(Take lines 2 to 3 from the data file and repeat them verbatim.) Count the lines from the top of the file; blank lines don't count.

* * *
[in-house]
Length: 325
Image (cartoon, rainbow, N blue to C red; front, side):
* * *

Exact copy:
Length: 325
Image (cartoon, rainbow, N blue to C red; front, side):